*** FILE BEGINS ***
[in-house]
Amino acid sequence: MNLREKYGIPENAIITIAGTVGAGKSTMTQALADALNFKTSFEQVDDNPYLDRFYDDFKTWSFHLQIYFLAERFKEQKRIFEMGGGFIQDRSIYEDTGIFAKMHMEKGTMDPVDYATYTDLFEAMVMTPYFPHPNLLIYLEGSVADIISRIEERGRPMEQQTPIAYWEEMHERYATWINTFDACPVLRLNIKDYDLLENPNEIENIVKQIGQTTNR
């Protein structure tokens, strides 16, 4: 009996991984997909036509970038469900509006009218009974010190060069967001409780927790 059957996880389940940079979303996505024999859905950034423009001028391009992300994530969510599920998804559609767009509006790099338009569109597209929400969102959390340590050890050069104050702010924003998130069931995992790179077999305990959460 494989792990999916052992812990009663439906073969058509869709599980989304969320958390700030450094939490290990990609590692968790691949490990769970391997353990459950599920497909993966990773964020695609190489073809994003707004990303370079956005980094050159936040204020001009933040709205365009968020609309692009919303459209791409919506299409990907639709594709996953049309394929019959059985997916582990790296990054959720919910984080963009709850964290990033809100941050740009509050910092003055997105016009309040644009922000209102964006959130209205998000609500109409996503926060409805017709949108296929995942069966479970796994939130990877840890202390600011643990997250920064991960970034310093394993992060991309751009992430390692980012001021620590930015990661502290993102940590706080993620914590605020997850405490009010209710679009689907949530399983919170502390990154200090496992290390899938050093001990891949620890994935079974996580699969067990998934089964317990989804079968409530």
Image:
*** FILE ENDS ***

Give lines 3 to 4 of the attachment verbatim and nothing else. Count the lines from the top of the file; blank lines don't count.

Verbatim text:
């Protein structure tokens, strides 16, 4: 009996991984997909036509970038469900509006009218009974010190060069967001409780927790 059957996880389940940079979303996505024999859905950034423009001028391009992300994530969510599920998804559609767009509006790099338009569109597209929400969102959390340590050890050069104050702010924003998130069931995992790179077999305990959460 494989792990999916052992812990009663439906073969058509869709599980989304969320958390700030450094939490290990990609590692968790691949490990769970391997353990459950599920497909993966990773964020695609190489073809994003707004990303370079956005980094050159936040204020001009933040709205365009968020609309692009919303459209791409919506299409990907639709594709996953049309394929019959059985997916582990790296990054959720919910984080963009709850964290990033809100941050740009509050910092003055997105016009309040644009922000209102964006959130209205998000609500109409996503926060409805017709949108296929995942069966479970796994939130990877840890202390600011643990997250920064991960970034310093394993992060991309751009992430390692980012001021620590930015990661502290993102940590706080993620914590605020997850405490009010209710679009689907949530399983919170502390990154200090496992290390899938050093001990891949620890994935079974996580699969067990998934089964317990989804079968409530």
Image: